Australian supremo slams IRL as “a toothless tiger” as he calls for NRL to run world rugby league

AUSTRALIAN supremo Phil Gould has called on the NRL to run world rugby league, slamming the International Rugby League board as “a toothless tiger” in the wake of England’s fixture against France at the weekend.

England ran out 40-8 winners in front of 4,500 people at Toulouse’s Stade Ernest Wallon, but the fixture has been heavily criticised following the poor crowd, lack of broadcast accessibility and the one-sided showing.

In recent years, there have been calls for the NRL to take their hefty influence in Australia to the rest of the world, with the governing body already taking games to Las Vegas, USA in a bid to expand the rugby league product.

Now, Gould has emphasised the need for a total international shake-up – and for the NRL to head it.

“The international board is a toothless tiger and just sort of fills in with international football when it can. We need a rolling five year calendar for domestic rugby league, international rugby league and other forms of representative football right across the board. It can only be done if you’ve got one governing body for the lot,” Gould told The Courier Mail.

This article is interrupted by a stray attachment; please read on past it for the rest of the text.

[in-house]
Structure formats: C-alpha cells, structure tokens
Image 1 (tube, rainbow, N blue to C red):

“I spoke to the NRL Commission about this and said that unless you do it, then international rugby league will never realise its full potential.

“I think from an international standpoint, if the NRL was running world Rugby League, then we could go to a five and ten year calendar and organise our domestic competition and international as well.

“It’s not necessarily about doing it to bring players over to play in the NRL. It’s to make the Super League strong. We need Great Britain to be strong. There’s still an opportunity in Europe and France to resurrect the game and get it back to a very strong hold there.”

Gould has also called for the rugby league world to exploit the current boom of the sport in New Zealand and the Pacific Islands.

“We need Pacific islands developed and we need New Zealand particularly. There is a real opportunity for rugby league in New Zealand at the moment.

“I’m talking about 10, 20, 30 years down the track what the game is going to be like. I’m talking If we’re still bumbling around doing what we’re doing now, then we haven’t used the money wise and we haven’t advanced it.”

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